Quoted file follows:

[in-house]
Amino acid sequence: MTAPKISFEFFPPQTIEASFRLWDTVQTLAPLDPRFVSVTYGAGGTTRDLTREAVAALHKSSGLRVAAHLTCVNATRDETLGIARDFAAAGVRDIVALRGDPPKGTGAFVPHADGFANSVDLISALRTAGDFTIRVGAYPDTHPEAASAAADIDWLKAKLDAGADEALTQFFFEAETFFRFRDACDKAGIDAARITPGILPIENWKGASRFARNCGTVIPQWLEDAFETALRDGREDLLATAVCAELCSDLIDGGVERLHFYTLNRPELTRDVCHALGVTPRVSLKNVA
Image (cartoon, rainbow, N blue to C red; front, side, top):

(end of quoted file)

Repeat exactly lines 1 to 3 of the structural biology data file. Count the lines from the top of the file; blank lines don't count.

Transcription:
[in-house]
Amino acid sequence: MTAPKISFEFFPPQTIEASFRLWDTVQTLAPLDPRFVSVTYGAGGTTRDLTREAVAALHKSSGLRVAAHLTCVNATRDETLGIARDFAAAGVRDIVALRGDPPKGTGAFVPHADGFANSVDLISALRTAGDFTIRVGAYPDTHPEAASAAADIDWLKAKLDAGADEALTQFFFEAETFFRFRDACDKAGIDAARITPGILPIENWKGASRFARNCGTVIPQWLEDAFETALRDGREDLLATAVCAELCSDLIDGGVERLHFYTLNRPELTRDVCHALGVTPRVSLKNVA
Image (cartoon, rainbow, N blue to C red; front, side, top):